Content supervision for online services in the USA in danger after the verdict

Online platforms in the US could find it more difficult to combat hate speech and insults in the future. An appeals court on Wednesday lifted the injunction against a hotly contested Texas law. It prohibits online services with more than 50 million users from taking action against any user opinion.

According to experts, the decision of the appellate judges Put platforms at risk of lawsuits in Texas if they remove hate speech, for example. The industry association CCIA (Computer and Communications Industry Association) announced that it would quickly examine further legal action against it. The industry organizations NetChoice emphasized that they would definitely appeal.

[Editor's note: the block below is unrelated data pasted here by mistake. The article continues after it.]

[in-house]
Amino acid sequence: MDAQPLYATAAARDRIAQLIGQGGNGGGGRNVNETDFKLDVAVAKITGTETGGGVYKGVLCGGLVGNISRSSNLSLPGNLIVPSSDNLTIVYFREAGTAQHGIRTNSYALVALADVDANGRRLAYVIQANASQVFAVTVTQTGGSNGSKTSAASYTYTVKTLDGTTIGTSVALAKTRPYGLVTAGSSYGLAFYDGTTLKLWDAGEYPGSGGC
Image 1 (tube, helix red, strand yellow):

In December, a district court stopped the law with an injunction at the request of CCIA and NetChoice, citing the platforms’ constitutional rights. The appellate judges initially did not publish a reason for their decision.

The law was pushed by Texas Attorney General Ken Paxton. It was sparked by claims by conservatives that their views were being repressed by platforms like Twitter and Facebook. The companies deny this. In particular, supporters of ex-President Donald Trump and he himself make such allegations. A similar law in Florida was temporarily blocked last year.


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